Three-dimensional problems taught in a two-dimensional way. That is how Neill Jones, a final-year mechanical engineering student, elegantly describes the issues with traditional engineering education: dynamic, moving objects such as planes, cars or industrial machinery reduced to flat images on monitors or sheets of paper.
Working at London South Bank University (LSBU), Jones set out to bring education into the third dimension. Using the university’s virtual-reality lab, he created a stereoscopic simulation program that reveals the hidden nuances in the tiny eddies and swirls of smoke in a wind tunnel. Watching the ‘smoke’ flow around a vehicle on a 6m x 4m screen with 3D goggles, students experience the wind testing in a way that was never previously possible.
The result, he says, is “absolutely brilliant”. Where old-school lectures are static, new lessons are flexible and interactive; technicolour simulations replace flat, boring photographs. The next step is full virtual reality (VR), and Jones says it is already making engineering education more immersive, accessible and engaging.
New technologies are transforming classrooms, lecture halls and company training centres. But is this three-dimensional education changing engineering itself, and what does it mean for the critical skills gap?
Vet Louisa Poon and Art Institute of Colorado student Salim Fermin adjust custom prosthetics 3D-printed for Sonic the cat (Credit: Andy Cross)
After 3D printing burst into the public imagination during the past five years, stories about its wondrous possibilities are still published nearly every day. There is almost an expectation that experimental replacement body parts, spacecraft components or robots will be printed, and it is clear that the technology has many more surprises yet to bring.
Less than half-an-hour’s drive from Cardiff, the engineers of tomorrow are already experiencing the technology’s huge potential. In the village of Miskin, engineering firm Renishaw runs 3D printing workshops for children aged between 10 and 16.
“They come in with an idea they have drawn on a piece of paper, we take that drawing, put it into a CAD program, and an hour-and-a-half later they actually have that physical product in their hand,” says Renishaw’s education outreach officer Simon Biggs. “In that short space of time, they have produced something that was in their head an hour or two ago. It is very exciting for them.”
As their designs for keyrings or earphone clips materialise before their eyes, the children are blown away by the technology’s immediacy and accessibility, says Biggs. “Their ideas can thrive really quickly, and hopefully that will encourage them into thinking ‘engineering is not as difficult as I thought it was, I can get into it’. This introduction is just broadening their horizon, opening their eyes more to the world of engineering.”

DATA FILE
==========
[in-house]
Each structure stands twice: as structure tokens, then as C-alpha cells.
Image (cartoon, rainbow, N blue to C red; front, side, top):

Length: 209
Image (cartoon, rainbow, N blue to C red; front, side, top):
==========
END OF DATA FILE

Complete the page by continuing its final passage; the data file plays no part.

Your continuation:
The experience is encouraging the primary and secondary school pupils to consider studying engineering and other STEM subjects at university, says Biggs. Higher education is already being revolutionised by the technology, just as in the lab used by Jones at LSBU.
First conceived in 2013, the lab contains high-end 3D printers and a CAD suite, but the university set out to expand students’ horizons even further. “We started thinking, what about the really big projects, where 3D printing was not a viable solution and you are trying to show students things that we couldn’t get to very easily without expensive road trips,” says Tony Roberts, head of technical support services at the university.
To create the desired virtual space, the university bought four military-grade NVIS ST50 headsets capable of both VR and AR applications, and installed the 3D cinema screen used in Jones’s final-year project. The virtual technology gives students an entirely new viewpoint, says Roberts. Small objects are blown up to previously impossible sizes, and users wield large parts with superhuman strength, assembling and disassembling complex machines.
The previously impossible viewpoints offered in virtual reality are key for Jones’s 3D wind-tunnel simulation. Physical views into the tunnel are restricted to one window, and cameras all around an object being tested could disrupt the air flow.
“You struggle to see the detail in the tiny eddies at the rear of the vehicle but, when you upscale it in the VR and you can zoom in and zoom out and pan around it, you can really get a sense of the detail and what is actually happening,” says Jones.